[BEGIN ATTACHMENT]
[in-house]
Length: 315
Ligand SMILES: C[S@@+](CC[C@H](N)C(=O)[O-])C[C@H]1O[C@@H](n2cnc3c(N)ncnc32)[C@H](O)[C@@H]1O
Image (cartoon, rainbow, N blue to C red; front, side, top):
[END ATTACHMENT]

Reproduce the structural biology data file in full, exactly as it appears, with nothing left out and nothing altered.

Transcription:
[in-house]
Length: 315
Ligand SMILES: C[S@@+](CC[C@H](N)C(=O)[O-])C[C@H]1O[C@@H](n2cnc3c(N)ncnc32)[C@H](O)[C@@H]1O
Image (cartoon, rainbow, N blue to C red; front, side, top):